How English became science’s lingua franca

History and economics helped the language edge out German, French and Russian

Scientific Babel

TRANSLATED  English has become the international language of science. A historian explains how and why that happened.


Scientific Babel
Michael D. Gordin
Univ. of Chicago, $30

When the Russian chemist Dmitri Mendeleyev discovered the “periodic law” that he illustrated with a table of the elements, he published his finding first in Russian and then in a German translation. Shortly thereafter, though, the German chemist Lothar Meyer claimed to be first to perceive the periodicity in the properties of the elements when ordered by atomic weight.

Meyer had seen Mendeleyev’s paper. But in it, “periodicity” had been mistranslated as “phased,” leading Meyer to believe Mendeleyev hadn’t noticed how similar properties recurred periodically. For decades, dispute raged over who deserved credit for the periodic law.

Now, almost 150 years later, it seems like a trivial argument. But it serves as an excellent entrée for Scientific Babel, Princeton historian Michael Gordin’s perceptive account of the historical role of language in science. Today’s language of science is English, much as a few centuries ago it was Latin. But between then and now, various tongues — notably German, French and even Russian — have competed with English for supremacy in the realm of scientific communication.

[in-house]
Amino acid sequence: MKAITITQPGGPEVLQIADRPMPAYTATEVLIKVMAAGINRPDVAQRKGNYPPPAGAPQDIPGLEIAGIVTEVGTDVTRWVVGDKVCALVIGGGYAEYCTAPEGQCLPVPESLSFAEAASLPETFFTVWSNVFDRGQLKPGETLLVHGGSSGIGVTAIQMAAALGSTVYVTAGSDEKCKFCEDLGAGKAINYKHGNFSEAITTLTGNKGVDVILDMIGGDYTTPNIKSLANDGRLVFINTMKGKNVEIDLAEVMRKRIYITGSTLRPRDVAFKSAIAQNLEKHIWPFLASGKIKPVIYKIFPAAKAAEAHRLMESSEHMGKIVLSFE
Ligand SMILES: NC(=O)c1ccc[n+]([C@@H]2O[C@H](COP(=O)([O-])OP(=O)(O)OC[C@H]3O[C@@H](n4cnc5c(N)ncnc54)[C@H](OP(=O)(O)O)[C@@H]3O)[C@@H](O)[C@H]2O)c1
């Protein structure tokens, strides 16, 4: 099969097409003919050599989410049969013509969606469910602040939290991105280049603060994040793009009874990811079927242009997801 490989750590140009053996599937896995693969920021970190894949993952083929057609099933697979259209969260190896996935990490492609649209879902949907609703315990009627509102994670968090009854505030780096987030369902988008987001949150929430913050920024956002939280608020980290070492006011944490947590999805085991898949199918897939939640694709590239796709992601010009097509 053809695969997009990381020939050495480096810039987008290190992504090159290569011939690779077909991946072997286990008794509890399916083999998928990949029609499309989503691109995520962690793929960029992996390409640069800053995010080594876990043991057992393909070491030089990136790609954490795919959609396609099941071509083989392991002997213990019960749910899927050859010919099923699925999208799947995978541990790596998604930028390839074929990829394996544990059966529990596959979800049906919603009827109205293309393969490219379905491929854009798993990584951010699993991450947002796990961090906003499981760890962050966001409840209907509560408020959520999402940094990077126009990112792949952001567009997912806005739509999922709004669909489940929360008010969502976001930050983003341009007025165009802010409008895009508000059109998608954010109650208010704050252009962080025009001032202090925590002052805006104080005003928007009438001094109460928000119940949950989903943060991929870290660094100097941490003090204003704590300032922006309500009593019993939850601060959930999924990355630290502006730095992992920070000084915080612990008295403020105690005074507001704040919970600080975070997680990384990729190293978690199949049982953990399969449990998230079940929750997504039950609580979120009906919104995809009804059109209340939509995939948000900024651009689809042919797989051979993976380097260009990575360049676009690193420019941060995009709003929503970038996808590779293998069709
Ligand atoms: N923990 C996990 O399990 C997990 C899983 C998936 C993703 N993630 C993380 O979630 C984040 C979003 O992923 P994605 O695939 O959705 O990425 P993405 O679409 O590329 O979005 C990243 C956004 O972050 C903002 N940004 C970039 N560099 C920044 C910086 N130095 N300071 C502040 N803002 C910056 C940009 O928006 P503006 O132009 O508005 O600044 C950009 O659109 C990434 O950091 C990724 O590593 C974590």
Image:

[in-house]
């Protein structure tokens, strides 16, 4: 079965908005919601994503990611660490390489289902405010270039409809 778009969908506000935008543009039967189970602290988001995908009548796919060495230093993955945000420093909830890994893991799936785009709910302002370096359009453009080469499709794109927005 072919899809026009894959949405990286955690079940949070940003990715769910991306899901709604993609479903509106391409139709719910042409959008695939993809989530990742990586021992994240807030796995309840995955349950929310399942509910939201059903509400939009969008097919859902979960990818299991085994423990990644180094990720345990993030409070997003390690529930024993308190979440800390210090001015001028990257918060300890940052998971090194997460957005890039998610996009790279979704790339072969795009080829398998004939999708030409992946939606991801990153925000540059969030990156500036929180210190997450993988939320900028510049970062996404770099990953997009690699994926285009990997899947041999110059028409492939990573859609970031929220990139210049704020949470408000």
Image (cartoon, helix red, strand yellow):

Language, Gordin contends, shapes not only how science is communicated but also how it is done. Science education, journal publishing, international collaborations and various other aspects of the scientific enterprise are colored by issues intermixing language with war, politics and economics.

All those factors in turn play into the present-day dominance of English. As Gordin notes, no single factor can explain that situation, but American political and economic power certainly played a role comparable to that of America’s scientific prowess. And English’s rise is also partly due to the decline of German science, weakened by World War I and then devastated by Nazi ideology.

After World War II, Russian emerged as an important science language, so much so that massive commercial translation efforts were undertaken to make research published in Russian accessible to American scientists. Scientists who spoke other languages found it more convenient to buy the English translations than to learn Russian itself, demonstrating how economic factors contributed to the English takeover of science everywhere.

Gordin’s scholarly assessment of these matters will not have Hollywood entrepreneurs scrambling for movie rights. But it is insightfully and engagingly written, a masterful mix of intelligence and style. He illuminates an important side of science with academic rigor, but without a trace of academic obfuscation. It’s a very pleasant example of the skillful use of language. 

Buy Scientific Babel from Sales generated through the links to contribute to Society for Science & the Public’s programs.

Tom Siegfried is a contributing correspondent. He was editor in chief of Science News from 2007 to 2012 and managing editor from 2014 to 2017.

More Stories from Science News on Science & Society